Searching for John Grider, an African American Bear Flag Veteran

John Grider
Courtesy Sharon McGriff-Payne, Fair use

In the following article Sharon McGriff-Payne, a newspaper reporter and independent historian, describes her search for the history of John Grider, an early black pioneer and member of the Bear Flag Party which declared California’s independence from Mexico on June 14, 1846.  McGriff-Payne, like Girder was a longtime resident of Vallejo, California, a small city on San Pablo Bay about 35 miles northeast of San Francisco.  Yet for most of her life she had never heard of this pioneer.  She describes below her search for the history John Grider.  

On December 23, 1924, John Grider, one of the last known survivors of California’s Bear Flag Party, died in virtual obscurity in a Solano County, California hospital.

Grider, who was one of at least seven African Americans present at this formative event that helped shape California statehood, died as he had lived – quietly and without fanfare.  He was 98 years old.

Until the publication of Delilah L. Beasley’s groundbreaking book, The Negro Trail Blazers of California, in 1919, few had known of Grider’s role in early California history.  It was from Beasley’s 1914 interview with Grider that she featured in her book, that many Americans first learned  that African Americans were present at the Bear Flag Revolt and the subsequent events leading up to the establishment of the nation’s  31st state.  Yet, 96 years later, despite my being a lifelong resident of Vallejo where Grider also spent most of his life, I knew nothing about him.

In 2006 with Delilah L. Beasley’s work serving as my guiding inspiration, I decided to follow up on her early exploration and interview with John Grider. Beasley’s introduction to Grider came in the fall of 1914 when she learned that the African American pioneer was one of several men and women honored in a huge September 14  Admission Day parade in Vallejo.  More than 40,000 people from throughout the state converged on Vallejo to celebrate the 64th anniversary of California’s statehood.  During the event sponsored by the Sons and Daughters of the Golden West, Grider was feted as one of the last remaining survivors of the Bear Flag Party.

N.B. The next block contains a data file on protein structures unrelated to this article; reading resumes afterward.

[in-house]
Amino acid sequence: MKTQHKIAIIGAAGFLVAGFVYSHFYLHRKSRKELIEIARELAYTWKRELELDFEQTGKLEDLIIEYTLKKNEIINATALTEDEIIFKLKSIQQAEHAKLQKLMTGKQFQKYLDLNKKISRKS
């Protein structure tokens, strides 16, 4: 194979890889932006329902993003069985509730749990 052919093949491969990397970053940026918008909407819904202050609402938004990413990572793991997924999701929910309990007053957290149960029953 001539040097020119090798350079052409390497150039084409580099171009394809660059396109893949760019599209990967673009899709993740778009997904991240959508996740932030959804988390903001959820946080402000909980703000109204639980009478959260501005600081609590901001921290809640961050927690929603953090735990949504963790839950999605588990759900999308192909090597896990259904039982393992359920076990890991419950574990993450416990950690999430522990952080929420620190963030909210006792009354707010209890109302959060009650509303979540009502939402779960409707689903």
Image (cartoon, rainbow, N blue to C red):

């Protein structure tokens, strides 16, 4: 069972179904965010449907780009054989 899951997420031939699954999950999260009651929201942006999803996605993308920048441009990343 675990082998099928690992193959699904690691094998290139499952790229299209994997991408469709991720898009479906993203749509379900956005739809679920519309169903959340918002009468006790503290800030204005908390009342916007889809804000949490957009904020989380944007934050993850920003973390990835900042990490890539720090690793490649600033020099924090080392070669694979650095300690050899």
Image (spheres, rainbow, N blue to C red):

Beasley, who was well into the research of her book of California’s black pioneers, jumped at the opportunity to document Grider’s role in the momentous events of June 14, 1846.  When Beasley learned of Grider, she “hastened” to Vallejo to interview the 88 year old pioneer.   Despite his advanced years, Beasley said Grider’s memories of the events surrounding the 1846 revolt “were as fresh in his mind as if of recent date.”

Grider recounted those events and his role in them.  He was in the company of a small band of Americans who, on June 14, 1846 declared war on the Mexican government and arrested General Mariano Guadalupe Vallejo who was the leading Mexican military official in the area.   These rebellious Americans listed their grievances against the central government in Mexico City (which was actually farther from them than Washington, D.C.).   They then raised the Bear Flag and declared independence for California.

Grider told Beasley there were other African American men who were with him at the time of the revolt including James Duff, Jacob Dodson, Charles Gains, Billy Gaston, Joe McAfee and “Ben,” a bodyguard to U.S. Army Lieutenant Archibald Gillespie.   Beasley also learned that Grider found the paint for the Bear Flag and served as a flag bearer on the day of the revolt.

Relying on Beasley’s account, I began my own search for John Grider some 96 years later.  I wanted to know more about this unsung hero who was part of a movement that would shape the history of California and the West.   Beasley’s research had established that Grider was still living in Vallejo in 1914.  Using that information as my guide I started the search for Grider’s whereabouts in the city that was my home.   I would soon learn that Grider left an indelible footprint on Vallejo, revealing a long and stable life rich in historical significance.

Through census records, legal documents and a faded photograph, I soon pieced together the life of this former Tennessee slave who came to California in the early 1840s in bondage to a man named George H. Wyatt.  Within days of my research journey to discover Grider I found his name listed in a late 1860s Vallejo city directory.  The directory noted that Grider was a “hostler” – a person who works with horses.  Further research revealed that Grider worked at several downtowns Vallejo livery stables.  This confirmed Beasley’s report that Grider was a horse trainer and self-taught veterinary surgeon.  It was those skills that no doubt made Grider an invaluable asset in the Vallejo community.